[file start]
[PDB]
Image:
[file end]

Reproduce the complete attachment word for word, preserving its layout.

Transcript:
[PDB]
Image: